Birds were an archetype that showed up in Alexander Girard’s work from his early childhood. Just as he had a deep love of and fascination with the built environment, so too did he have great reverence for nature.The wooden bird was originally hand-carved out of apple wood, a favourite material of Alexander Girard’s. During the mid-1940s, Girard experimented with a series of stylized sculptures in different materials including glass, foam rubber, corrugated cardboard, driftwood, plywood, and solid wood. These sculptures, including the bird, were then published in the July 1945 issue of Arts & Architecture.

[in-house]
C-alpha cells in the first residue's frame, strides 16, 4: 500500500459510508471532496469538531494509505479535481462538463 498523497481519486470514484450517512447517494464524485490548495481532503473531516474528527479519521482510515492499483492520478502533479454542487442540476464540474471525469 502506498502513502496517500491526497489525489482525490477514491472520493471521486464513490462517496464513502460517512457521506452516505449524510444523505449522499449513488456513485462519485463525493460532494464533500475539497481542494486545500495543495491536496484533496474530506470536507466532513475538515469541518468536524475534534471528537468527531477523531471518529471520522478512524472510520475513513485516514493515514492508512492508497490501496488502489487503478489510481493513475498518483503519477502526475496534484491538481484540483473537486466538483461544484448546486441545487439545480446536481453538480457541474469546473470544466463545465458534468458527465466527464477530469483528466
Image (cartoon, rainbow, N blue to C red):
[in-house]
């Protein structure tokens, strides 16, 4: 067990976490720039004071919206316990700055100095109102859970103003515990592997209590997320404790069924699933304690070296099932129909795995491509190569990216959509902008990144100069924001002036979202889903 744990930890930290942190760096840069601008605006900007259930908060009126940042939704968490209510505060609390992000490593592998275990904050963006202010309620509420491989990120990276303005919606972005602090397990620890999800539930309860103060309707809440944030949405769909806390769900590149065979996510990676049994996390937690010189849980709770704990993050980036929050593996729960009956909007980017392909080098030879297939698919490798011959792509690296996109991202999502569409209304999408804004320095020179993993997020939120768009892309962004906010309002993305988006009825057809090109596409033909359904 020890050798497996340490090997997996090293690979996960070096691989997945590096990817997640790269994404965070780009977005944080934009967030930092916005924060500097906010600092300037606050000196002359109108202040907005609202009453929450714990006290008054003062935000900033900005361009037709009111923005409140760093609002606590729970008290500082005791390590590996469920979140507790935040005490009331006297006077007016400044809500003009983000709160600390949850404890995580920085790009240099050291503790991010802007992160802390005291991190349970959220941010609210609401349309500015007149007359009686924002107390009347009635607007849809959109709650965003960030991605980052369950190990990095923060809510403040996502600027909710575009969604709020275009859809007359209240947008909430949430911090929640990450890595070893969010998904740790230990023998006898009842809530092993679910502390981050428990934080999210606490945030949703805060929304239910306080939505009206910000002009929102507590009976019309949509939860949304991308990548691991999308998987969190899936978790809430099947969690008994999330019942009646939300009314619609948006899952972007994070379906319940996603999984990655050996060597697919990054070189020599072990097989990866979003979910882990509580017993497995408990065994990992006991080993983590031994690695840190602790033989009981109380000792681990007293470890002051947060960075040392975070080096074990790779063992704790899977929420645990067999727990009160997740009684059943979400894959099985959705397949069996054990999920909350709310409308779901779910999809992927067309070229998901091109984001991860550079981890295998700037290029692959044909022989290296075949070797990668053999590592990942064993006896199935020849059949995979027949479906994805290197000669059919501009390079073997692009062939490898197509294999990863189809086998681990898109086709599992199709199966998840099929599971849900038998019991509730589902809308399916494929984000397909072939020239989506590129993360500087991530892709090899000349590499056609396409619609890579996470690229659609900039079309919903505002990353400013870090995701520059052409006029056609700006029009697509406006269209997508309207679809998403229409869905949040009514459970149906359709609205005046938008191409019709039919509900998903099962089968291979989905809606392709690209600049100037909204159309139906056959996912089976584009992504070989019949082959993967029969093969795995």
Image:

Girard was constantly experimenting with form, material, and method. His keen curator’s eye led him to use not only his own work in his projects, but also that of fellow artists, designers both known and unknown. Drawing on his ever-growing collection and making his own pieces, he was able to choose from a wide range of objects when working for a client or in his own home. He would create or design an object out of fascination with a particular material or new tool; later it would show up in an interior as if it had been made for that specific purpose.The Girard Bird is a part of the Alexander Girard archive at the Vitra Design Museum and is today brought back to life in close collaboration with the Girard family.